The tech industry has a long way to go when it comes to building gender and racial diversity. Companies like Facebook, Uber, and Google release annual reports tracking their diversity progress, while smaller firms figure things out along the way. Plus, diversity and inclusion executives have become more common as companies try to navigate building effective workplaces for a variety of people. 

Lionel Lee, the head of diversity engagement at Zillow, says that feeling isolated in previous recruiter positions helped influence his work today. Since 2016, Lee has assisted in creating initiatives, programs, and network centers around inclusion.

“There were very few people who looked like me. Most of the time, I was the only one,” Lee said. “I found it difficult at times to even go into work eventually. I had to make money, and I had a child that I was trying to support, so I would suppress all of those feelings and just do the job.”

However, going through the motions began to take a toll on Lee. Media coverage surrounding the shootings of unarmed Black men and boys started to ramp up nationwide, and he could not escape the news in the office. One day as frustrations and heartache built up, Lee began crying at his desk about another shooting. 

“At that time, I was the only Black person in my office, and this white woman that I worked with walked over to me and saw that I wasn’t doing well,” Lee said.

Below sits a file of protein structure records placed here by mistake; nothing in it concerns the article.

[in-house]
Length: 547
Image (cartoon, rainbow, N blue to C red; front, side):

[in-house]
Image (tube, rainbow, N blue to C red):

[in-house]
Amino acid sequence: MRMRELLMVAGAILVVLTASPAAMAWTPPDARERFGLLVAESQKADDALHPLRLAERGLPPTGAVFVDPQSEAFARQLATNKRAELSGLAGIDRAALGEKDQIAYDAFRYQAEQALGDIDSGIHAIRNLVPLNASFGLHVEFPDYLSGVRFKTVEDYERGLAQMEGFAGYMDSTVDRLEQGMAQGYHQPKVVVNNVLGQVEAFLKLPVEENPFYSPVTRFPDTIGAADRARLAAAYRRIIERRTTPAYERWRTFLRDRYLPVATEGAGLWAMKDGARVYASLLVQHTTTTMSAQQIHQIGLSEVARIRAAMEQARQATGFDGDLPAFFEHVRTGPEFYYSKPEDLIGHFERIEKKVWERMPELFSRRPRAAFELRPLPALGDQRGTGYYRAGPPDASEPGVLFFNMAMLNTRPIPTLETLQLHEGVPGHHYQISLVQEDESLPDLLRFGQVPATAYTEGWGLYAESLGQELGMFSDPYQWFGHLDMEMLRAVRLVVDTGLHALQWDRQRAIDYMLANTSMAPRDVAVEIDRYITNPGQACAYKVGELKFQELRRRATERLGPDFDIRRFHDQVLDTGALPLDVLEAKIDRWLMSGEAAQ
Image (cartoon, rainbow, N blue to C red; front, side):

“Did you know him?” Lee recalls the woman asking. The four words added shock to his mix of emotions forcing him to come to terms with the isolation he’d grown accustomed to in the workplace.

“It affected me more because I had no one else to talk to about it. They weren’t affected, and they didn’t feel anything,” Lee said. 

Without the emotional support from his coworkers, Lee knew it was time to pursue other opportunities. He later found a home at Zillow where he is now in charge of building  an inclusive workplace.

Since being at Zillow, Lee has helped improve mentorship programs for current workers from underrepresented groups, bolstered up the company’s employee resource groups, and implemented an internship partnership with historically Black colleges and universities. 

Improving diversity and inclusion in the workplace is not always as simple as drafting a report or having town hall meetings. Most of the work is in convincing the top dogs at the company that the initiatives are worth the effort. 

“You have to make sure that they internalize why it is important for them,” Lee said. “People have to see the need for change, not just understand the business case for it.”

Lee said that his team is also working on some experimental ways to build a more inclusive environment within Zillow and that he’s using his time with the company to give back. 

“I feel like I’m making some kind of impact. I’m here to make sure that others don’t have to go through what I went through,” Lee said. “I want to make sure that others have the opportunity to actually enjoy their work.”

On a broader scale, Lee hopes that his projects will inspire other companies to make underrepresented groups feel more welcomed in the office. 

“It is important for me that as a company, we are giving people room to express and acknowledge things are happening and affecting them in a certain way,” Lee said. “My hope is that we do things here at Zillow that others will want to replicate.”